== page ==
Strength/Skill:

IMG_9548

Snatch Grip Deadlift 5×3 @3111
(3 sec ECC, 1 sec CON, 1 sec pause at TOP & BOTTOM)

WOD:
3 RFT​​

20 Push Press​​(95/65)
20 Pull-Ups
20 Alternating DB Step-Ups (2 x 35/20)*
20 GHD Sit-Ups*

*box height around height of knee, can go up or down a few inches as needed. Scale weight as needed.
*scale reps for GHD’s or Abmat Sit-Ups


Food for thought from Mark’s Daily Apple:

10 Ideas to Make Workouts More Fun (and a Contest)

By Mark Sisson
Workouts are work. There’s no way around that. Whenever you move matter through space and time, whether you’re displacing your own body weight or a barbell or a kettle bell, you’re doing work. It’s just physics. But there’s another meaning of “work”: an unpleasant but necessary activity that helps you achieve a desired outcome. Far too many of our workouts end up embodying this second definition. They’re chores, strains. That’s why so many people—all of whom know they should be exercising on a regular basis—remain sedentary, unfit, weak individuals. Physical activity is no longer required to survive. We don’t “have” to do it anymore. If it feels like a miserable experience, why would we?
There are ways to escape this mindset, though. There are ways to make your workouts feel more likely play and less like work. Let’s look at a few today, and I hope you’ll share what works for you in the comment section. Btw, I’ve included a video of me doing one of my favorites below—and a contest to share the fun.

Find an Activity That’s Intrinsically Rewarding

When training, extrinsic rewards are always going to be present. You’re always trying to look better naked, lose weight, hit a PR, get better health markers. But if your training is also intrinsically rewarding—if you derive satisfaction, pleasure, and meaning from the act of training itself— you’ll have no problems sticking with it. Only the hardest of hard core will maintain a training regimen they hate. Everyone will keep a training regimen they love. Find something you enjoy doing, that you’d do even if it provided no health or aesthetic benefits, and make that at least part of your training regimen.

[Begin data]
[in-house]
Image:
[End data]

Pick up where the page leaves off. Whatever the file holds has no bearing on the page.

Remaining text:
If You Hate Something, Try Something Else

This is the most fundamental mindset shift. Don’t do things that you hate.

A workout doesn’t have to be a walk in the park. Not everything is going to leave you bursting with joy. But if your training regimen is leaving you miserable, if you dread it and find every excuse to skip it, that’s worth heeding.

Maybe you hate back squats, but front squats are downright enjoyable. Maybe you hate spin class, but hill sprints are fun. Maybe you hate dedicated cardio or HIIT sessions, but pickup basketball twice a week does the trick. Find an alternative that accomplishes the same thing.

Try Competing Against Other Entities

I enjoy competing against myself. I like beating my own records, surpassing my own achievements, improving on my former self. I also like competition against other humans. That’s why I ran marathons and competed in triathlon for so long—I liked beating the other guys. It’s also why I love Ultimate Frisbee. There’s nothing quite like the thrill of competition to make you forget about how hard you’re working and how great of a workout you’re getting.

You can compete in CrossFit, in pickup games at the park, in adult rec leagues. Anything at all will work.

Get Better Goals

Me? My goal is to play better:

  • I want to be able to play Ultimate every weekend with guys 3o years younger (and keep up).
  • I want to go out for a paddling session whenever I want and not have it feel like work.
  • I want to hit the slopes all weekend and be able to drive home without my quads cramping up every time I hit the brake.
  • And I want to do all that while staying injury-free.

My training focus, then, is to maintain: my fitness, my muscle mass, the viability of my connective tissue, my bone mineral density. I’m not going for PRs anymore because it’s too risky at this stage while bringing me no closer to my goals. But that’s fine. I’ve found what works for me and my goals. And it makes the more “boring” training that much more enjoyable, because I’m working toward something that I love and frankly need to be healthy and happy.

Half my training is play. The other half is training that supports the other half, the play, and gets me closer to it. I know what and I’m doing and why. Do you?

read whole post here…